In Victorian Britain, citizens would gather in the Speakers’ Corner in Hyde Park, London, and listen as speakers climbed their soapboxes to argue for civil liberties. In 2011, Nathalie Pettorelli of the Zoological Society of London and Sierian Sumner of the University College London revived the tradition by climbing their soapboxes to talk about gender equality in science, launching the first Soapbox Science event.
Since then, Soapbox Science has spread to countries all over the world, featuring more than 800 scientists explaining their research to the general public. Maria Weber, a postdoctoral fellow in the Department of Astronomy and Astrophysics at the University of Chicago, was inspired after speaking at an event in England to launch Soapbox Science Chicago—the first Soapbox Science event in the United States.
Soapbox Science Chicago will take place on Saturday, July 21 from 12 to 3 p.m. at the Navy Pier Wave Wall Performance Platform. Twelve women scientists will climb soapboxes and speak about their research.
UChicago News sat down with Weber to hear more about the event, as well as her research and her love for science and technology.
What is Soapbox Science all about?
Soapbox Science’s prime objective is to promote the participation of women in STEMM, and also share scientific research with the public. We want to go somewhere that will be freely accessible to anyone, providing science content for those who might not have the financial means to visit a museum. The fun thing is also to catch people in a place where they wouldn’t expect to find science. It’s sort of like guerilla science – catching you off guard, when you’re not expecting it. We are also about trying to break down the stereotype of the typical scientist, and help people to see that there are a lot of women scientists.
What is challenging about Soapbox Science presentations?
A thing that is hard for us as scientists it whenever we give presentations, we have all of these visualizations and slides to help us tell our story. But at Soapbox Science, no technology! I told our presenters to only bring the props that they can carry in on their back. That means that our scientists have to figure out the most meaningful things to bring, and distill their message down while still being as interactive with the audience as they can.
Do you remember any particular fact or equation you learned that got you really excited about science before you decided to pursue physics?
When I was little, say seven or eight, I went through this phase of interest in rocks. My parents had a rock garden in the front yard, and all of the rocks came from riverbeds or limestone or other interesting places. I realized that my school had books about rocks, and so I would try to figure out what cool rocks or fossils I was finding in the rock garden. That was my first fascination with science.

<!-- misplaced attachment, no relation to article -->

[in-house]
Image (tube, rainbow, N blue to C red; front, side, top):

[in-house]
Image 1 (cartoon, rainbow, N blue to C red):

How did you first get interested in astrophysics?
I first was interested in physics in general. In high school, I was amazed that equations could actually describe the way things move in space: the way planets move, the way projectiles move, and so on. I wanted to learn more about the connection between math and the way things move in the world, so I went on to study physics in college and graduate school.
What aspect of your research do you think people are most excited to engage with?
I usually find that people get most excited about how the Sun’s magnetism affects our life. When the Sun’s magnetic fields eject from the surface, they travel through the solar system, and if they reach our planet they can interact with communication satellites, or expose astronauts and pilots to radiation, or even short out transformers that power our electrical power grids. What I do is fundamental research to try to understand how the Sun creates its magnetic field, because if the Sun didn’t create this magnetism in the first place then we wouldn’t see it at the surface and beyond. In order to really understand and predict the Sun, we need to get back to the fundamentals of how this magnetism is generated.
What are you hoping people will walk away with after attending Soapbox Science?
I hope they walk away with a few pieces of knowledge, along with a recognition that there are women in science across all disciplines and fields. I want all those little girls who are interested in becoming scientists one day, or the parents who might have young daughters, to see that there are women flourishing in these fields. Any time I do outreach, I also want to inspire curiosity, exploration, and inquiry.
Learn more about Soapbox Science online. In the event of inclement weather, the event will be held inside Navy Pier in the western-most end of the Food Court, in front of the Mural Wall.
The event is funded by a National Science Foundation Astronomy and Astrophysics Postdoctoral Fellowship and a Campus-Wide Inclusive Climate award backed by the Office of the Vice Provost for Academic Leadership, Advancement, and Diversity, and supported by Navy Pier and the University of Chicago’s Office of Civic Engagement.